where Do is the value of D when pa = pPL , and α and β are constants. Our results show that for vessels whose diameters Do are in the range of 100–200 μ;m, the mean values of D/Do are represented by α = 2.02 percent per cm H2 O or 0.202 (KPa)−1 , β = 0.046 percent per (cm H2 O)2 or 0.046 (KPa)−2 . For vessels with diameter Do greater than 200 μm, the pressure-diameter relationship is linear in the ranges tested, so that β = 0. The values of the compliance constant α (slopes of the curves) for vessels in the diameter (Do ) ranges 200–300 μm, 300–400 μm, 400–600 μm, 600–1000 μm, and 1000–1600 μm are, respectively, 0.93, 0.78, 0.70, 1.10, and 2.61 percent per cm H2 O, (i.e., these numbers × 10−1 (KPa)−1 ). Thus the compliance of the pulmonary arteries appears to be the smallest in the diameter range 400–600 μm; and that the compliance of vessels in the 1000–1600 μm range is more than twice that of the smaller vessels.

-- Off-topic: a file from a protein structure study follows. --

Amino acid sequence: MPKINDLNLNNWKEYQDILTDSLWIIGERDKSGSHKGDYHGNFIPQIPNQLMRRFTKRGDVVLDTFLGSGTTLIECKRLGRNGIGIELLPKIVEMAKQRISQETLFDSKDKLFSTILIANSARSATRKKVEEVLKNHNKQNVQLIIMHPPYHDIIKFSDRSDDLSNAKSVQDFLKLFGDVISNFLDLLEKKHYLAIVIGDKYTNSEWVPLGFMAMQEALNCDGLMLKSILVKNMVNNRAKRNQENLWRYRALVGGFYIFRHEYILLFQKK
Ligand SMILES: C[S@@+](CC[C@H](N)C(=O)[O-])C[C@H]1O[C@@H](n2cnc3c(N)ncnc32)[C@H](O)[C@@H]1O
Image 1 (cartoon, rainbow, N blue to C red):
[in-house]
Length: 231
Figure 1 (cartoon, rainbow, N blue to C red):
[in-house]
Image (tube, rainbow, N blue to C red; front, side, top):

Commentary by Dr. Valentin Fuster

BOOK REVIEWS

J Biomech Eng. 1980;102(2):161. doi:10.1115/1.3138214.
FREE TO VIEW
Abstract
Commentary by Dr. Valentin Fuster
J Biomech Eng. 1980;102(2):161. doi:10.1115/1.3138215.
FREE TO VIEW
Abstract
Topics: Biomaterials
Commentary by Dr. Valentin Fuster
J Biomech Eng. 1980;102(2):161. doi:10.1115/1.3138216.
FREE TO VIEW
Abstract
Commentary by Dr. Valentin Fuster

TECHNICAL BRIEFS

J Biomech Eng. 1980;102(2):178-180. doi:10.1115/1.3138219.

Bovine bone specimens loaded in torsion for periods of time exceeding one month exhibit pronounced time-dependent effects. The final strain exceeded the initial strain by a factor of more than four in some cases. Creep failure was observed in two cases. The effects are not attributable to prolonged immersion in Ringer’s solution.

Topics: Creep , Bone , Failure , Torsion
Commentary by Dr. Valentin Fuster